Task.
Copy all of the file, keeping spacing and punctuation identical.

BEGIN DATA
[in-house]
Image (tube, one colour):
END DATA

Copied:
[in-house]
Image (tube, one colour):